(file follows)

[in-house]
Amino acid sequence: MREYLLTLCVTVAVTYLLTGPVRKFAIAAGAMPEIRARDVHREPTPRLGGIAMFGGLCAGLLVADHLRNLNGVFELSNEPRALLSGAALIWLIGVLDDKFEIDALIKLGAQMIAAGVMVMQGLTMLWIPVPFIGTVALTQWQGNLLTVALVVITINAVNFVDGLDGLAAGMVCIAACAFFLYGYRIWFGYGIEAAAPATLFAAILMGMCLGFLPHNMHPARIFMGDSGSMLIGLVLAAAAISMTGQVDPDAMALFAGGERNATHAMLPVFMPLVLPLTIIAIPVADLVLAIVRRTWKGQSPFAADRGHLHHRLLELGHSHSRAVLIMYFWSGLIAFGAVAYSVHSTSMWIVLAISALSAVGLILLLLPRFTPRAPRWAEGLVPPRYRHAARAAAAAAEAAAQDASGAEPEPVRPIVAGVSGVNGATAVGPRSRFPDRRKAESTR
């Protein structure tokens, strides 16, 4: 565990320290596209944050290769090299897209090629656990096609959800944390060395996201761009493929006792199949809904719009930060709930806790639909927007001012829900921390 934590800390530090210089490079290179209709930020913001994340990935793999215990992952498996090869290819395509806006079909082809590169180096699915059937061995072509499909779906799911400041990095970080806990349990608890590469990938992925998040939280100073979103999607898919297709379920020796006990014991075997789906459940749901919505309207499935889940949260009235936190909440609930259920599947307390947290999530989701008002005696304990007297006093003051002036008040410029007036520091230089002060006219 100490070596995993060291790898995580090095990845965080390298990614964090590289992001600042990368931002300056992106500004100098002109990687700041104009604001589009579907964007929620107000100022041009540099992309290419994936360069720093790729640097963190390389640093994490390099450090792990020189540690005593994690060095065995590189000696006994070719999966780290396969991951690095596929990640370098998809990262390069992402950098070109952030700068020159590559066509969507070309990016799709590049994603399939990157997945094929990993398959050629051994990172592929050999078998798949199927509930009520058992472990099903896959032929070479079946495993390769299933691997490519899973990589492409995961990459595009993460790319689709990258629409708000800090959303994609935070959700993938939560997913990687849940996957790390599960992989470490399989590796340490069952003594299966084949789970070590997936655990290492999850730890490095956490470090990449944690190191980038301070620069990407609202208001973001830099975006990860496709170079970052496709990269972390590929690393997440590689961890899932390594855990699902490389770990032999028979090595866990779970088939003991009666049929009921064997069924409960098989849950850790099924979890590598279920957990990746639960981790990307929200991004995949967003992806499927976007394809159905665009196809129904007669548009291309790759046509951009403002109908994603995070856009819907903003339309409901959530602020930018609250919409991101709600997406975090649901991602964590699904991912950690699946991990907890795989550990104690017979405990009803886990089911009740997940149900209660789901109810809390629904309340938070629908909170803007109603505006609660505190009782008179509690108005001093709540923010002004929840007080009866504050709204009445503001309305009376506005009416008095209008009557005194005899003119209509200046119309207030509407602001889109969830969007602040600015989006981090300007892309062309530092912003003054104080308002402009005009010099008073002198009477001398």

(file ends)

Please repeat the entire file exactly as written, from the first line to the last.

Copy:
[in-house]
Amino acid sequence: MREYLLTLCVTVAVTYLLTGPVRKFAIAAGAMPEIRARDVHREPTPRLGGIAMFGGLCAGLLVADHLRNLNGVFELSNEPRALLSGAALIWLIGVLDDKFEIDALIKLGAQMIAAGVMVMQGLTMLWIPVPFIGTVALTQWQGNLLTVALVVITINAVNFVDGLDGLAAGMVCIAACAFFLYGYRIWFGYGIEAAAPATLFAAILMGMCLGFLPHNMHPARIFMGDSGSMLIGLVLAAAAISMTGQVDPDAMALFAGGERNATHAMLPVFMPLVLPLTIIAIPVADLVLAIVRRTWKGQSPFAADRGHLHHRLLELGHSHSRAVLIMYFWSGLIAFGAVAYSVHSTSMWIVLAISALSAVGLILLLLPRFTPRAPRWAEGLVPPRYRHAARAAAAAAEAAAQDASGAEPEPVRPIVAGVSGVNGATAVGPRSRFPDRRKAESTR
């Protein structure tokens, strides 16, 4: 565990320290596209944050290769090299897209090629656990096609959800944390060395996201761009493929006792199949809904719009930060709930806790639909927007001012829900921390 934590800390530090210089490079290179209709930020913001994340990935793999215990992952498996090869290819395509806006079909082809590169180096699915059937061995072509499909779906799911400041990095970080806990349990608890590469990938992925998040939280100073979103999607898919297709379920020796006990014991075997789906459940749901919505309207499935889940949260009235936190909440609930259920599947307390947290999530989701008002005696304990007297006093003051002036008040410029007036520091230089002060006219 100490070596995993060291790898995580090095990845965080390298990614964090590289992001600042990368931002300056992106500004100098002109990687700041104009604001589009579907964007929620107000100022041009540099992309290419994936360069720093790729640097963190390389640093994490390099450090792990020189540690005593994690060095065995590189000696006994070719999966780290396969991951690095596929990640370098998809990262390069992402950098070109952030700068020159590559066509969507070309990016799709590049994603399939990157997945094929990993398959050629051994990172592929050999078998798949199927509930009520058992472990099903896959032929070479079946495993390769299933691997490519899973990589492409995961990459595009993460790319689709990258629409708000800090959303994609935070959700993938939560997913990687849940996957790390599960992989470490399989590796340490069952003594299966084949789970070590997936655990290492999850730890490095956490470090990449944690190191980038301070620069990407609202208001973001830099975006990860496709170079970052496709990269972390590929690393997440590689961890899932390594855990699902490389770990032999028979090595866990779970088939003991009666049929009921064997069924409960098989849950850790099924979890590598279920957990990746639960981790990307929200991004995949967003992806499927976007394809159905665009196809129904007669548009291309790759046509951009403002109908994603995070856009819907903003339309409901959530602020930018609250919409991101709600997406975090649901991602964590699904991912950690699946991990907890795989550990104690017979405990009803886990089911009740997940149900209660789901109810809390629904309340938070629908909170803007109603505006609660505190009782008179509690108005001093709540923010002004929840007080009866504050709204009445503001309305009376506005009416008095209008009557005194005899003119209509200046119309207030509407602001889109969830969007602040600015989006981090300007892309062309530092912003003054104080308002402009005009010099008073002198009477001398």